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Vaccines and Immunization

Last updated: October 7, 2022

Immunization is a vital component of primary health care and is a basic human right. It has served to save millions of lives over the years. Vaccination is a safe, simple, and effective way of protecting against deadly diseases. It uses the body’s natural defenses to resist various infections and makes the immune system more effective. Vaccines help your immune system create antibodies when exposed to various pathogens. However, as vaccines contain only dead or weakened types of germs like bacteria and viruses, they don’t cause any disease or put you at risk of illness.

Vaccines help prevent and control infectious diseases. They help in improving global health security and will remain an effective tool against infectious diseases. Now vaccines are used to prevent about twenty lethal diseases and help people of all ages to lead longer and healthier lives. Immunization is successfully used to prevent two-three million deaths every year due to influenza, tetanus, pertussis, diphtheria, and measles.

How do vaccines work?

The immune system creates antibodies when the body is exposed to pathogens. Vaccines train the immune system to create antibodies against particular diseases. Mechanism of how vaccines work is as follows:

Our immune system has immune memory. After having one or more doses of a certain vaccine, we are protected against disease for a longer time, even a lifetime. This unique quality makes a vaccine more effective as it prevents us from falling sick before any disease occurs.

Types of vaccines

Vaccines are of several different types. Each vaccine is produced to help your immune system effectively fight against certain types of pathogens and prevent serious diseases. There are many ways to create a vaccine, but they are classified by how they generate a specific immune response against the disease-causing organism.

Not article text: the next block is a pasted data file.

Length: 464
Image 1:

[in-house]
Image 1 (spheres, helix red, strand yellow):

The following factors are taken into consideration while creating a vaccine:

These factors help scientists decide which type of vaccine they will make. There are several types of vaccines, including:

Live-attenuated vaccines

A live version of the bacteria or virus is injected through live-attenuated vaccines that cause disease in the body. Although the germ is alive, it is so weak that it does not cause any infection and cannot reproduce in the body.

These vaccines are so effective in natural infection that they help prevent and create a strong, long-lasting immune response. These vaccines are so effective that only one or two doses can provide a lifetime of protection against a germ and the illness it results in. Live vaccines are helpful to protect against mumps, measles, smallpox, chickenpox, rotavirus, rubella, and yellow fever.

Inactivated vaccines

An inactivated vaccine contains a strain of bacteria or virus that has been killed with chemicals or heat. These dead viruses or bacteria are injected into the body. Inactivated vaccines don’t provide protection as strong as live vaccines.

This means that more doses are needed to get a strong immune system against diseases. These vaccines don’t provide lifelong immunity and need several repetitions, but they may cause fewer side effects as compared to live-attenuated vaccines.